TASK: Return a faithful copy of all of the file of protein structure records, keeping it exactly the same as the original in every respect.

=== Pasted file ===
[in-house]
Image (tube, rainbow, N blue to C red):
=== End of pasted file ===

[in-house]
Image (tube, rainbow, N blue to C red):